Wednesday, December 01, 2010
Love & Other Drugs
LOVE & OTHER DRUGS (Edward Zwick, 2010)
LOVE & OTHER DRUGS opens in 1996 with charismatic electronics salesman Jamie Randall (Jake Gyllenhaal) out of a job due to his influential way with women, especially one he shouldn’t be charming. He transitions into a job as a pharmaceutical salesman for Pfizer and is assigned to sell Zoloft in the Ohio Valley.
While posing as an intern and trying to persuade a doctor to switch from prescribing Prozac to the pill he’s pushing, Jamie meets Maggie Murdock (Anne Hathaway). Initially she is angered that Jamie violates her privacy in the doctor’s examination room, but his persuasiveness and mutual desire for a commitment-free relationship win her over while she also keeps him at arm’s length. Maggie has early onset of Parkinson’s and doesn’t wish to be obligated to anyone or anything long term.
Among the medications involved in LOVE & OTHER DRUGS is a certain little blue pill that Jamie sells like gangbusters when it reaches the marketplace. Strange how for a movie about a Viagra salesman, we don’t see the growth of the characters. Several featured scenes in the bedroom leave Jamie and Maggie’s physical chemistry undisputed, but evidence of their emotional attachment and development is far less obvious. Jamie begins to change because the screenplay demands it. Maggie opposes any deviations in their arrangement because the script insists so.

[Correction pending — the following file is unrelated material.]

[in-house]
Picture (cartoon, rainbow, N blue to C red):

The film’s central relationship wouldn’t feel so prescribed if LOVE & OTHER DRUGS weren’t pitched at a sitcom level. Rather than allowing two non-conformists to find their own way, director and co-writer Edward Zwick makes sure they are altered to fit the formula. Gyllenhaal looks and feels too young for the role and seems too eager to please for the incorrigible type he’s supposed to be.
Whereas Gyllenhaal is all surface level, Hathaway suggests a flesh and blood being dealing with a multitude of issues spoken and unspoken. Performance-wise she fares better, perhaps because Maggie functions as the redeemer than the redeemed. The role is more complicated than the usual dreamgirl. Unfortunately the film is more interested in her slick, straightforward other half. LOVE & OTHER DRUGS is a cutesy love story tempered by an illness and a smidgen of commentary about pharmaceutical sales in the United States.